Code of Ethics

Only available on StudyMode
  • Download(s) : 175
  • Published : January 26, 2013
Open Document
Text Preview
Code of Ethics Comparison
Belinda D. Hicks
Liberty University

Abstract
The purpose of this paper is to discuss and call the attention to the fact that there are genera differences and similarities in the Code of Ethics of the American Counseling Association (ACA) and the Code of Ethics of the American Association of Christian Counselors (AACC). In addition, discuss due diligence the counselor has to the client, the focus will be on sexual intimacy, fees and records. There will also be a contrast of the three aspects as well. Counselors have an ethical responsibility to the clients when it come sexual intimacy, fees, and records. The goal is to shed some light on the differences. The outcome is to make sure that all professional counselors are well informed that there are some differences in the way Christian Counselors’ should conduct themselves.

Code of Ethics Comparison
“A man is ethical only when life, as such, is sacred to him, that plants and animals as that of his fellow men, and when he devotes himself helpfully to all life that is in need of help” (Albert Schweitzer). What did Schweitzer mean by this statement, one may assume and some may wonder about such a broad statement? The meaning of the statement is that regardless of whatever or whomever one may help; the inner man provokes that individual to adhere to the code of ethics in his or her profession. What’s the definition of ethics? Webster New World Dictionary defines ethic as “as the study of standards of conduct.” Never the less, the discussion is on the code of ethics. Clinton & Ohlschlager stated, “The code of ethics is a systematic statement of ethical standards that represent the moral convictions and guide the practice behavior of a group, in this case, the various counseling disciplines” (Clinton & Ohlschlager, 2002,pp. 245). Different professions have their own code of ethics; and the objective of this paper is to compare and contrast codes of the American Counseling Association (ACA) and the American Association Christian Counselors (AACC) code of ethics.

There are notable differences in the ACA codes and the AACC codes. The predominant difference in the AACC is the application of Christian terminology. The introduction of the AACC codes is geared toward service. As stated, “The Code is designed to assist AACC members to better serve their clients and congregants and to improve the work of Christian counseling worldwide. It will help achieve the primary goals of the AACC—to bring honor to Jesus Christ and his church, promote excellence in Christian counseling, and bring unity to Christian counselors” (American Association Christian Counselors, 2004) In other words, the codes are solely based on the Bible. But, the introduction of the ACA codes appears to have a contractual obligation tone, “Counselors recognize that trust is a cornerstone of the counseling relationship. Counselors aspire to earn the trust of clients by creating an ongoing partnership, establishing and upholding appropriate boundaries, and maintaining confidentiality. Counselors communicate the parameters of confidentiality in a culturally competent manner” (American Counseling Association, 2005). The terminology and tone is more of a business agreement, there’s no feeling of empathy toward the client. There are similarities; they both place emphasis on maintaining confidentiality through keeping records safe. In addition, to obtain a certain level of competency, moreover, the overall concern is for the client to cause no harm to the client.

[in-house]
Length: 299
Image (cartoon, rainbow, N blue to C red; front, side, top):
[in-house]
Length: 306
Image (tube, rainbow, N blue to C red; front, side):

Sexual misconduct is the first code to compared and contrasted. In almost every profession sexual misconduct with a client, employer and/or any associated member of your employment is forbidden. The American Association of Christian Counselors (AACC) is not an exception and such acts are considered immoral and unethical. For example, direct sexual contact, solicitation of sex, and any...
tracking img